But, more compelling to me than getting sucked into Eat Pray Love, is finding myself caught in the Elizabeth Gilbert vortex. Centered and self-effacing, the modest and gracious Gilbert spoke of wishing to distance even herself from the Eat Pray Love phenomenon. When a reader in the audience said she’d avoided Eat Pray Love but could not resist The Signature of All Things, Gilbert quipped that TSOAT was more to her liking as well—an intellectual foray into mosses, history and botany.

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-image courtesy Selina S.

“This book has been my most delightful book to write so far. I wrote it with the idea of creating what I would enjoy reading.” Addressing the audience, she said, “And you turned a novel about a 20th century virgin and botanist into a New York Times Bestseller. Thank you.”

You can watch a snippet of my very amateur iphone video of Gilbert’s reading from The Signature of All Things.

Gilbert said she’s currently working on a book about creativity and as an antidote to writing about a spinster who studies mosses in TSOAT, she’s at work on a second concurrent project about dancing girls and other working women in New York City.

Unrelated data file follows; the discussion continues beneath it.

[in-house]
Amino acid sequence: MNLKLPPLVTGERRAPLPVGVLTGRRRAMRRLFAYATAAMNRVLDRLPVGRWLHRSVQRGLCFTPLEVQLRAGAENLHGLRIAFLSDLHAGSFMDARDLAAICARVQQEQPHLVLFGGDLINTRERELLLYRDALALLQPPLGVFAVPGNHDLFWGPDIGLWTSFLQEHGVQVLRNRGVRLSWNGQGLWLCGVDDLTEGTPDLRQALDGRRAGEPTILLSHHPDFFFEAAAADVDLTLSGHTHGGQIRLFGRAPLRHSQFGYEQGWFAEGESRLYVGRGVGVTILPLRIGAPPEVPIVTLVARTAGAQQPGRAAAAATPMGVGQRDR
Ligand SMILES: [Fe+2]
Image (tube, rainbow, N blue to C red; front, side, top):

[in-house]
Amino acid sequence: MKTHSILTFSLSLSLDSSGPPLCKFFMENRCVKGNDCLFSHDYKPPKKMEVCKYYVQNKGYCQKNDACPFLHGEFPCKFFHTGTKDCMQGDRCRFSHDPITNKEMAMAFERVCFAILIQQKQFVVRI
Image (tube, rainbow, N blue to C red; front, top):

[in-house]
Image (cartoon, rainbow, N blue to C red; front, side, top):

I’m down with that. But first will read The Signature of All Things—between the sheets, at the doctor’s office, at the beach…and hopefully it sucks me in as a summer read should.

I now have to wonder if Steve Almond has read Eat Pray Love. And if so, was he public about it? The next time he comes to Arizona, I’ll just have to ask him how he feels about using Penthouse as a cover for chick lit.

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12 thoughts on “Elizabeth Gilbert: To The Signature of All Things from Eat Pray Love

  1. LOL, I didn’t realize you read EPL in hiding 🙂 Wonderful post about the evening. The Penthouse bit was just hilarious! I can’t wait to read her book on creativity.

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  2. I must confess that I loved EPL, as well as the movie. But then again when I seek “literature” to read I’m more of a C. S Lewis fan. Nonfiction reads are my favorite-especially memoirs.

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  3. Great post Renee, EPL sucked me in as well. I read it in about two days at the beach. I didn’t really like it. Of course I loved the premise of the book but the constant self absorption started to wear on me. I’m anxious to hear what you think of TSOAT.